Corticosteroid induced avascular necrosis and COVID-19: The drug dilemma
Keywords:Coronavirus Infections, Femur Head Necrosis, Osteonecrosis, Prednisolone, Steroids
The severe and life-threatening nature of the COVID-19 infection, the ARDS (acute respiratory distress syndrome) as well as the cytokine storm induced by the infection, commands lifesaving high doses of steroid therapy. As in all pharmacological therapies adverse effects are present. One such adverse effect which is being reported is corticosteroid induced avascular necrosis of the femoral head/ osteonecrosis of the femoral head.
It must be noted that AVN principally affects the femoral head and most commonly the anterolateral aspect thereof as it is the crux of weight bearing. Corticosteroids induce fat mobilization and this thus innately enhances the likelihood of fat emboli developing from the liver to occlude minor blood vessels in the femur, this thereby compromises the microvascular environment. Superadded to this the steroid therapy disrupts calcium metabolism and homeostasis which induces hypertrophy in the intramedullary fat cells, Gaucher cells and inflammatory cells; whilst increasing the activity of osteoclasts, thus increasing bone resorption and decreasing calcium uptake and deposition; ultimately leading to an insufficiency in the trabecular and cortical bone. This insufficiency thus equates to an increased intraosseous pressure which impedes intramedullary circulation and results in avascular necrosis.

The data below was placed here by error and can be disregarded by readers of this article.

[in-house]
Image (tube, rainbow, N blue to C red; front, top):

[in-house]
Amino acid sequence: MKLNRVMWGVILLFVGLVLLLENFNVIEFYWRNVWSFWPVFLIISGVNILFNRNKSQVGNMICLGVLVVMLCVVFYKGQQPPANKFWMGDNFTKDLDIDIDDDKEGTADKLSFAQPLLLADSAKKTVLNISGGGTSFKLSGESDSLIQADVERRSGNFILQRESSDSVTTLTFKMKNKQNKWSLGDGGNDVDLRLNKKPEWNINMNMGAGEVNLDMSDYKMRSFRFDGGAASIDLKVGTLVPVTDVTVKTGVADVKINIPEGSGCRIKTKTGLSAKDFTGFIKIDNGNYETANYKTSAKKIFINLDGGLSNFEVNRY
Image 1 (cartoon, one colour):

It is evident that avascular necrosis is directly caused by high dose steroid therapy, however the case reports have very clearly indicated that the rapid onset of AVN post recovery from the COVID-19 infection cannot be solely attributed to steroid therapy and that another benefactor induced by the COVID-19 infection is at play. It is thus vital for treating physicians to take cognisance of this adverse effect post recovery and therefore should ensure that prophylactic bisphosphonate therapy is initiated timeously and congruently.
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